After letter, nearly half of Western New York soccer team decides not to kneel following initial protest

After letter, nearly half of Western New York soccer team decides not to kneel following initial protest

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After letter, nearly half of Western New York soccer team decides not to kneel following initial protest

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Unlike at Tuesday's game when all 18 players knelt during the anthem, seven World of Inquiry players chose to stand before Thursday's 2-1 win at Bishop Kearney. (Photo: Jeff DiVeronica, Rochester Democrat & Chronicle)

Unlike at Tuesday’s game when all 18 players knelt during the anthem, seven World of Inquiry players chose to stand before Thursday’s 2-1 win at Bishop Kearney. (Photo: Jeff DiVeronica, Rochester Democrat & Chronicle)

The World of Inquiry (Rochester, N.Y.). boys soccer team’s protest is a silent one, at least for now.

Players and coach Rich Paufler declined to speak with media following Thursday’s 2-1 win at Bishop Kearney. Unlike Tuesday’s match at Aquinas Institute, where all 18 players knelt during the national anthem, seven players stood while it was played before the match at Kearney. The other 11 knelt at midfield while both teams listened to the “Star-Spangled Banner.”

Why the change remains a mystery because no one wanted to talk about it. The Rochester City School District did send a letter home with players on Wednesday encouraging them to talk with their families about the anthem protest. That could have led to some players changing their stance.

“Our basic premise is this, is that everybody has an individual right,” World of Inquiry principal Sheelarani Webster said earlier on Thursday at a news conference. “We want to make sure that individual right is an informed decision and that other peoples’ perspectives also are respected.

“We will try to do our best to make sure that our boys continue to be dignified and respectful.”

Protests during the anthem have become prevalent and a hot topic nationally since San Francisco 49ers quarterback Colin Kaepernick first took a knee before an NFL preseason game in late August

“At school, we try to raise independent thinkers, right?” Webster said. “Along the way of being an independent thinker, you have to be able to manage some of the bumps in the road.

“So any opportunity that we have, where kids make a decision, and we want to follow up with protocols around what’s the best way to make that decision — how does it impact you and how does it impact others — we always find that to be an opportunity to help kids grow.”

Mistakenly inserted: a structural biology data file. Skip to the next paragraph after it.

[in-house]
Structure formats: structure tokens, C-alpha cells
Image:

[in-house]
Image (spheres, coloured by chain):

School 58/World of Inquiry boys soccer players kneel during the national anthem prior to their game Tuesday with Aquinas. (Photo: Provided by Rochester Indy Media)

School 58/World of Inquiry boys soccer players kneel during the national anthem prior to their game Tuesday with Aquinas. (Photo: Provided by Rochester Indy Media)

Webster said the school taught lessons about perspective Thursday in the players’ advisory group classes.

One fan in the sparse crowd at Thursday night’s match brought a large flag to display. Just after the Griffins (10-0-1) scored with 10 minutes, 48 seconds left to play to pull out the non-league victory, Carlos Cotto, director of health, physical education and athletics told reporters that WOI athletic director Donna Enright would ask players afterward if they wanted to address the media.

Just after the final horn, an RCSD sentry walked over to the Griffins’ bench, conferred with Enright and returned to tell the media the players and coach Paufler had declined interviews.

The players had agreed before Tuesday’s game that they would take a knee as a team.

“They were all going to do it or none of them would do it,” said Michael Lopez, whose son plays for the team and is also vice president of the Flower City Soccer League in which many WOI players compete. “I as a parent and as a coach and a mentor to these boys, who I have concern for, will not tolerate any interference (for them) exercising their constitutional rights to protest the violence against the black people in America by police.”

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After letter, nearly half of Western New York soccer team decides not to kneel following initial protest
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